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A weekly column by Mike Johnston

September 15, 2002

That Classic Look

For many years after his death in the early '80s, the influence of Ansel Adams's technical choices remained pervasive in art photography, especially among art photographers who made "Zone System" landscapes similar to his. He used Tri-X, like I do. But he used HC-110 dilution "B" with it. And so, from time to time, people ask me why I don't use HC-110 with Tri-X.

It's an easy question for me to answer. I love D-76 with Tri-X and dislike HC-110 with it.

Another reason is that although a rose is a rose is a rose, Tri-X is not always Tri-X. Although this news hasn't made much of a stir, Kodak is about to change Tri-X. The film's packaging is going to look different and the recommended times are different. As to whether the film itself will have changed, well, I can't answer that yet.

But even historically there have been two films called Tri-X. One is Tri-X 400 (coded TX), which is available in 35mm and 120. The other is Tri-X 320, or Tri-X Professional, available in 120 (TXP) and sheet film sizes (TXT).

They're nowhere close to the same film. Different characteristic curves, different speeds, different response to development, different "looks" — different films.

Boarded-up windows, Woodstock, Illinois, TX in D-76 1+1.

Diversions and obsessions

In the early '90s, I'd been a professional photographer and a camera reviewer for the magazines, and I woke up one day and realized that my personal work had gone all to hell. So I set off to try to "recapture" my amateur status. (That's when I first bought a Leica, but that's another story.) I'd been writing for the enthusiast press for several years, and I'd also been off on an extended personal obsession about films and developers, trying to find the "best" one. This had gone on so long that I wondered if it was ever actually going to come to some result.

At about that time, I met Arthur Kramer, the former director of the Nikon account at J. Walter Thompson, and the optical columnist for the old Modern Photography magazine. Well, Arthur's obsessions absolutely put mine to shame. He printed 35mm with an 8x10 Durst bolted to a concrete wall, with the legendary Apo-El-Nikkor enlarging lens — his was serial no. 00007 (he had another one cast in lucite as a paperweight for his desk--nice $2,400 paperweight!). And Arthur had been experimenting with films and developers obsessively for thirty years. His advice to me was (somewhat paradoxically), it doesn't matter — pick one and get on with it. And at just about that time, I had come to the same conclusion — that I didn't just want "the best," whatever that is, I wanted "the look" — the classic b&w look.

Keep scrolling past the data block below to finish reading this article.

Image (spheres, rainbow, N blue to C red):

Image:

Almost overnight, I settled on Tri-X in D-76 1+1. It's what I've been doing ever since. Is it the "best"? Who cares? It's the look I love.

HC-110 is a high activity (high-energy) hydroquinone-based formula that really more useful for sheet film and for controlling contrast by using different dilutions. It creates a harsh and grainy result with 35mm TX. Also, frankly, it's not a very good developer for sheet film — it's mainly popular because Ansel Adams recommended it in his book The Negative in 1980. If you like that tonal range but want a friendlier way to get it, try Microdol-X. I much prefer D-76 1+1 to either.

From now on, of course, nobody will be arguing about developers any more. All the nitpickers have moved on to fretting over megapixels.

The coda to my tale is that every so often I get my head turned and wander away from my standard TX/D-76+1. I tried a customized variant of T-Max developer because a friend of mine ran a professional lab and offered to develop my film for free, and that's what he used; I tried Patrick Gainer's Vitamin-C based formulas after I published his delightful article in PHOTO Techniques (this was before Xtol); I tried Xtol; and I tried Ilford DDX when they started packaging it for consumers, on the advice of my friends on the staff at Ilford; and so forth. I never make it more than one roll, or at most one tank, with any of those pretenders. It may be simple conditioning, but to me, Tri-X in D-76 is classic 35mm black-and-white, and that's the end of it.

—Mike Johnston

Mike Johnston writes and publishes an old-fashioned, entertaining quarterly ink-on-paper newsletter called The 37th Frame ( He has a B.F.A. in Photography from the Corcoran College of Art and Design in Washington, D.C., where he was a student of the late Steve Szabo and of Joe Cameron.

He was East Coast Editor of Camera & Darkroom magazine from 1988 to 1994 and Editor-in-Chief of PHOTO Techniques magazine from 1994-2000, where his editorial column "The 37th Frame" was a popular feature and where he presented, among other things, a set of three articles on "bokeh" by John Kennerdell, Oren Grad, and Harold Merklinger that were subsequently widely discussed among photographers.

His critical and technical writings have appeared in various publications and newsletters such as The Washington Review and D-Max. A number of his articles written under the pseudonym "L. T. Gray" (el Tigre) appeared in the English magazine Darkroom User.

The 37th Frame is an ink-on-paper quarterly for a small but select audience that's sardonic, sarcastic, intelligent, independent, practical, entertaining, funny, and well written. It's especially notable for detailed subjective reviews of lenses.

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